Moto Z Force Droid Review

Our full thoughts on the Moto Z Force Droid for Verizon.


Moto Z Force-7_1

The new Moto Z line represents the first flagship that was made under Motorola after Lenovo purchased the company. The Moto Z and Moto Z Force Droid Edition are both exclusive to Verizon for the time being. The Moto Z Force Droid is the higher end of the two with only a few differences.

cannot The regular Moto Z is around $100 cheaper. Is the Moto Z Force Droid Edition worth it with a thinner build, sharper display, and better camera.


Moto Z Force-8_2

Lenovo and Motorola went with a unique design that might leave you asking a few questions. For starters, the Moto Z Force Droid is thicker and heavier due to an increased battery and stronger display. The front and back are glass while the sides are metal.

The metal part is a mix between lighter and darker shades of grey, while the glass is black. The weirdest part of the design is that Motorola put the volume rocker and power buttons way to close to each other. Leaving the entire left-hand side and bottom right-hand side empty. It makes getting used to the button placement quit difficult, and if you have small hands, it will be a reach to use them.

While you might think it is, the fingerprint sensor below the display does not act as a home button and doesn’t scan all that quickly. The fingerprint sensor does feature haptic feedback, similar to the Nexus 6P.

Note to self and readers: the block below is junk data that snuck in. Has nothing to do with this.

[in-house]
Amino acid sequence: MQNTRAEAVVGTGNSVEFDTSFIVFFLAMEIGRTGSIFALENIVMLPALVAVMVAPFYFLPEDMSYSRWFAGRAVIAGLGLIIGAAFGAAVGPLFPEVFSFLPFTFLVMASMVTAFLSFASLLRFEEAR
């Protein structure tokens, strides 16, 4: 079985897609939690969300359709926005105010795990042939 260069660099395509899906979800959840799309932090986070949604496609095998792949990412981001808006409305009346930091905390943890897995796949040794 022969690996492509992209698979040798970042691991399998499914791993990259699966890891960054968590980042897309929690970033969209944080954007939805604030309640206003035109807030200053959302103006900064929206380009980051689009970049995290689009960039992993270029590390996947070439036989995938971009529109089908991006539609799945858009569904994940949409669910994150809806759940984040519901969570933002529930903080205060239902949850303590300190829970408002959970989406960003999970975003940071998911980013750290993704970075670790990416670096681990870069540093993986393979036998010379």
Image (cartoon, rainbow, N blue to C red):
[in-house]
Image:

Above the display is the earpiece that doubles as a front facing speaker. Similar to previous Samsung and Apple devices there is a larger camera hump on the back. This is more pronounced, but when you put a style shield or mod on the back, the surface becomes level. The Moto Style Shields will not provide much protection but allow for personalization.


Moto Z Force-11_1

When releasing a flagship device in the summer, hardware manufacturers realize that they need to hit certain goals to make sure their devices can compete with what else is coming.

A big difference between the Moto Z is that the Moto Z Force Droid has a shatter shield display. Specifically a 5.5-inch 2560 X 1440 AMOLED QuadHD display with second generation shatter shield technology. This a five layer glass setup that ensures the glass will not break, although you should not purposely drop your phone. This is how Motorola competes with Corning Gorilla Glass, but the technologies are quite similar to each other.

I do have to say that the display is one of my favorite features of the Moto Z, it is very sharp and vibrant. While the shatter shield screen does make the build thicker, it does not hurt the picture quality. The display on the Moto Z Force Droid is one of the best of the 2016 smartphones.

Powering both the Moto Z Force Droid and Moto Z is the 2.2GHz quad-core Snapdragon 820 processor with 4GB of RAM. This processor is paired with an Adreno 530 GPU, and it performs incredibly well. In our real life testing, the Moto Z Force Droid did not disappear. You can quickly open the camera with a gesture. Navigating the user interface was quick and switching between applications went well.